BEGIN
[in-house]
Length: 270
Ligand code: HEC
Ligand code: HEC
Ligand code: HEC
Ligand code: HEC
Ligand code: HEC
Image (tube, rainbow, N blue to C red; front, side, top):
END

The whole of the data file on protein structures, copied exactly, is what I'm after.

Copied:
[in-house]
Length: 270
Ligand code: HEC
Ligand code: HEC
Ligand code: HEC
Ligand code: HEC
Ligand code: HEC
Image (tube, rainbow, N blue to C red; front, side, top):